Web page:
Creating a WebSocket with Java and AngularJS

In order to create a nice website that is able to update the data itself, there are several options. Probably the easiest one is to make a HTTP request after a predefined period. It does work quite well, but the problem is that HTTP is a request-response protocol, meaning that after initating the connection, sending the request to the server and receiving a response, the connection is automatically closed. Hence, the overhead of opening and closing a connection becomes significant when the process of is repeated several times.
This is the place where WebSockets come in handy. It is a protocol based on TCP that enables the client and the server to send several messages through the same socket. The socket is opened just once and several messages can be exchanged before closing it.

As it can be seen from the picture below, WebSocket is 10 times faster than HTTP requests when exchanging 10000 messages and this kind of boost is most probably noticed by the enduser.
WebSocket vs HTTP: performance
1)REST vs WebSocket Comparison and Benchmarks
How to create a WebSocket that on request echoes the initial message back? First of all, the WebSocket API has to be included to your project 2)WebSocket Server API. The second step would be to create an endpoint as shown in the code example below. The main idea of the code is that on initialization of the WebSocket by a client, a new threadpool is created and the session is stored as an instance variable. After receiving the first message from the client, the same message is sent back to the client after every 2 seconds.

package com.myproject.servlet.endpoint;

import javax.websocket.OnClose;
import javax.websocket.OnMessage;
import javax.websocket.OnOpen;
import javax.websocket.Session;
import javax.websocket.server.ServerEndpoint;
import java.io.IOException;
import java.util.concurrent.ScheduledExecutorService;
import java.util.concurrent.ScheduledThreadPoolExecutor;
import java.util.concurrent.TimeUnit;

@ServerEndpoint("/endpoint")
public class OverviewEndpoint {

    private Session session;
    private ScheduledExecutorService executorService;

    @OnOpen
    public void handleConnect(Session session){
        this.session = session;
        this.executorService = new ScheduledThreadPoolExecutor(1);
    }

    @OnClose
    public void handleClose(){
        this.executorService.shutdown();
    }

    @OnMessage
    public void handleMessage(String message){
        executorService.scheduleAtFixedRate(() -> send(message), 0, 2, TimeUnit.SECONDS);
    }

    private void send(String msg) {
        try{
            this.session.getBasicRemote().sendText(msg);
        } catch (IOException e){
            e.printStackTrace();
        }
    }

}

The first task on the client side is to install angular-websocket library.


angular.module("myApp.socket", [])
.factory('socketFactory', [
	function(){
		var websocket = undefined;

		var service = {};

		service.start = function(endpoint, callback){
			var url = endpoint;
			websocket = new WebSocket(url);

			websocket.onopen = function(){
				websocket.send(sessionId);
			}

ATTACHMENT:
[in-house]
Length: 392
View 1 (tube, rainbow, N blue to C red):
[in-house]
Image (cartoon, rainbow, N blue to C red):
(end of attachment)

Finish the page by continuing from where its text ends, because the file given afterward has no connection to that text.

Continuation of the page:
websocket.onclose = function() {};

			websocket.onmessage = function(evt){
				callback(evt);
			}
		}

		service.getWebSocket = function(){
			return websocket;
		}

		return service;
	}
])

The code above defines a socket factory that can be reused for several websocket just by assigning the invoking it with the correct endpoint.


		$scope.function = start() {
			var socket = socketFactory;
			socket.start('ws://www.example.com/socketendpoint', function(data){
				console.log(data);
			});

			$scope.websocket = socket.getWebSocket();
		}

		$scope.$on('$destroy', function(){
            $scope.websocket.close();
        })

Using the factory is quite trivial. Just invoke socketFactory.start method with the correct endpoint and callback function and this should be it. However, it would be clever to store the websocket object itself as a local variable, because when changing the URL of the webpage, the websocket isn’t closed by default and therefore, it needs to be explicitly closed when the current $scope is destroyed.

References   [ + ]

Setting up a permanent reverse SSH tunnel

Reverse SSH is simple yet powerful tool that enables to access devices behind NAT in a convenient way. For example, it is needed to be able to access an IoT device or a PC at your home or workplace. Usually the problem is that the firewall blocks incoming connections to a traditional SSH port 22 and the IP address of the device that you wish to access, changes over the time.
Imagine the following scenario:
reverse ssh
We have two PCs that are behind NAT and a standard server that has a public IP. Our target is to be able to SSH from PC B to PC A.

In order to create a reverse SSH connection, the following steps have to be executed:

  • create an SSH tunnel from PC A to myserver. After executing the command, we should have a port 25432 on myserver tied with port 22 on PC A
    ssh -fN -R 25432:localhost:22 myserver
    
  • SSH into myserver and test it out! We should be able to SSH from myserver to PC A by using the following command:
    ssh pcauser@localhost:25432
    

    However, assuming that the connection of PC A is not always working perfectly, we need to make sure that despite the instability of the connection, we will always have a working tunnel from PC A to myserver such that we would be able to access PC A from anywhere in the world. An option would be to write a script that checks whether the tunnel is up or not, but luckily there is already tool called autossh. Autossh monitors the tunnel and tries to recreate it in case of failures. Hence, we can be assured that even if the connection from PC A to the Internet is not stable, the tunnel is still kept alive as long as there exists a connection.